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Our Investment Flash written the morning after the January 1 fiscal cliff deal has proven to be the right call, as the after-tax attractiveness of dividends has now drawn investors to the stock market for four long months. In re-reading this missive, I am now confronted by my own choice of words suggesting that this strength could “last for a while.” In Wall Street parlance this could mean anything longer than an hour; so, after four consecutive months that descriptive phrase is clearly becoming “long in the tooth.”

Determining the direction of things is difficult enough, but answering the “when?” question is tougher…but I’ll give it a go.

The market strength has surprised many as it comes out of a very lackluster economic environment. Especially surprised are the stewards of pension plans and endowments who have prescribed all-time low allocations to equities and high allocations to bonds and alternative investments. As bonds have done virtually nothing this year, endowments and pension returns for the first quarter are typically substandard. And as economic growth has been anything but robust, many private equity and venture firms are also having a tough time delivering on promises.

Accordingly, since the first quarter results were disseminated, we expect that many institutional funds are reallocating more monies to the stock market. This money should be finding its way into the market during the present quarter, creating a demand disequilibrium that should continue for another month or two. Likewise, the many individual investors who were advised to invest overseas during recent years are learning that a strong dollar is eroding the value of their savings resting in foreign markets and foreign currencies. We can also expect an exodus from foreign markets as our dollar appreciates and our markets advance. We find ourselves enjoying this “virtuous cycle,” but it certainly can’t go on forever.

In order to understand America, we must now keep an eye on international monetary and economic policies. Initially, our own policies were our primary concern as our Central Bank quickly began printing money to ward off the effects of the negative credit and business cycles of 2009 and 2010. As these problems eventually encompassed Europe and the Far East, other Central Bankers quickly followed with their own versions of QEI, QEII, etc.

Today, we have a unified, and apparently coordinated international banking effort to print money to avoid a cyclical, debt-driven, economic downturn. In effect, we now have a “race to the bottom” by all countries. In this kind of a race, the United States with its relative stability will probably come in last…meaning we win! As capital becomes threatened in less stable environments, it will flow into the U.S., further strengthening an already strong currency.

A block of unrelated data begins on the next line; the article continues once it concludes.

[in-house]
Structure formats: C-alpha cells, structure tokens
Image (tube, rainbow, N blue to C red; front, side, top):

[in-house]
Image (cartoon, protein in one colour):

Additionally, economic signs within the U.S. are picking up. Unemployment claims are down, while tax revenues are up. Political advocates of the current policies are already “crowing,” hoping that these tax revenue numbers will convince Republicans to abandon spending restraints and debt ceiling arguments. These added tax revenues are no surprise to those who took income/capital gains last year in order to avoid today’s higher tax rate. The tax payments for last year’s gains have just been paid. (How quickly we forget!) Nevertheless, it all sounds good and helps buoy the positive stock market mood.

Real Estate numbers have turned for the better, as demand for homes is diminishing inventory overhang. This all, of course, is being fueled by artificially low interest rates, the byproduct of all the “newly printed” money. After all, those that couldn’t afford to buy a home with an 8% mortgage can now do so with a 3% mortgage. Sound Familiar?

Insofar as this market bounce is riding a wave created by Central Bank liquidity and positive comparative dividend tax rates, we can effectively gauge the turning point by carefully watching the Federal Reserve for signs of change.

This wave, however, promises to be bigger as it also includes potential international money, created by the new “race to the bottom.” Lastly, we cannot overlook the positive secular economic effects of our growing domestic energy production. As the U.S. becomes more energy self-sufficient, our vulnerability to Geo-Political forces is diminished, making us more of a safe haven for liquid global capital.

It all adds up to a potentially large wave, capable of surprising everyone as to the strength and duration of the upside move. Should the rise become more parabolic, the risk of a fall from higher levels will become apparent, frightening many and bringing increased volatility to markets, but let’s deal with that when and if the time comes. In the meantime, try to enjoy the ride.

In answer to the question about “when?”…not yet.

About the Author

Harlan J. Cadinha
Founder, Chairman and Chief Strategist




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